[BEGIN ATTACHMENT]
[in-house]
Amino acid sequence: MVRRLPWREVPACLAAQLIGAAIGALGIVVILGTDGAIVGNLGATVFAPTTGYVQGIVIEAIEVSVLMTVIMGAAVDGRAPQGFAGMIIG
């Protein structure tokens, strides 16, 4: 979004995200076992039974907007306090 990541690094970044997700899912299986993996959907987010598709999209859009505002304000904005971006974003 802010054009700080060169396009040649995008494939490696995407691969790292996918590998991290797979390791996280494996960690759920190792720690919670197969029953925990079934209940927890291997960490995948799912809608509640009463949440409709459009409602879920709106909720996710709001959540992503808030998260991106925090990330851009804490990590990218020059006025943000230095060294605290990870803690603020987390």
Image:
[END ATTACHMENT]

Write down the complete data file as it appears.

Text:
[in-house]
Amino acid sequence: MVRRLPWREVPACLAAQLIGAAIGALGIVVILGTDGAIVGNLGATVFAPTTGYVQGIVIEAIEVSVLMTVIMGAAVDGRAPQGFAGMIIG
């Protein structure tokens, strides 16, 4: 979004995200076992039974907007306090 990541690094970044997700899912299986993996959907987010598709999209859009505002304000904005971006974003 802010054009700080060169396009040649995008494939490696995407691969790292996918590998991290797979390791996280494996960690759920190792720690919670197969029953925990079934209940927890291997960490995948799912809608509640009463949440409709459009409602879920709106909720996710709001959540992503808030998260991106925090990330851009804490990590990218020059006025943000230095060294605290990870803690603020987390």
Image: